Walker has issued several conflicting denials — first saying he didn’t know who the woman was, then, after news reports that she was the mother of one of his children, shifting to say that “I send money to a lot of people” and that he knew nothing about an abortion.
Some of Walker’s supporters justify continuing to back him by saying they distrust the media that have reported the claims — in addition to the Daily Beast, which initially reported the story, the New York Times and the Washington Post have talked with the woman involved, each adding some additional details.
Other supporters claim that Walker is a different person now than a decade ago. Still others have justified supporting him by saying that regardless of what he’s done in his personal life, Walker would vote to ban abortions, while Warnock would not.
Republican leaders, however, have been open about a more straightforward partisan motivation.
“I think we’re going to stick with Walker … we’re going take it all the way to the end,” Sen. Mitch McConnell of Kentucky, the Republican Senate leader, told CNN in an interview aired Tuesday. “I think they’re going to hang in there and scrap to the finish.”
“I don’t have a litmus test,” McConnell added in describing his approach to elections. “I’m for people that get the Republican nomination — and for winning — because if we win, we get to decide what the agenda is, and they don’t.”
McConnell and his colleagues have had to fall back on that sort of justification a lot in recent years, excusing — or at least averting their eyes from — a long list of bad acts by their candidates.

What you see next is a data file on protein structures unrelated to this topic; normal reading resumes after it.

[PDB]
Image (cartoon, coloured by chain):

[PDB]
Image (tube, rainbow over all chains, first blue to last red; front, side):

Democrats have sought to take advantage of that, claiming the moral high ground, as White House Press Secretary Karine Jean-Pierre did this week in relaying President Biden‘s position that Los Angeles City Council members caught on tape making racist remarks should resign.
“Here’s the difference between Democrats and MAGA Republicans,” Jean-Pierre said. “When a Democrat says something racist or antisemitic, we hold Democrats accountable. When a MAGA Republican says something racist or antisemitic, they are embraced by cheering crowds.”
That claim of moral superiority doesn’t quite hold, however. Republicans have certainly had many more incidents to apologize for in recent years than Democrats have had. But Democrats haven’t had their principles tested by a high-stakes case.
Members of the L.A. City Council who step down, like Nury Martinez, who resigned Wednesday, will be replaced by another Democrat. The same was true in 2017 when Democrats pushed Sen. Al Franken of Minnesota to resign after allegations of sexual harassment: Democrats knew their party would keep the Senate seat.
How Democrats would act if they had to choose between principles and partisan advantage remains to be seen.
At the same time, while it’s fashionable see McConnell’s sort of win-at-all-costs mentality as all-pervasive and to declare that “nothing matters” to voters other than partisanship, that’s not true, either.
Even before the abortion allegation became public, for example, Walker was running significantly behind the pace set by the Republican at the top of the statewide ticket, Gov. Brian Kemp.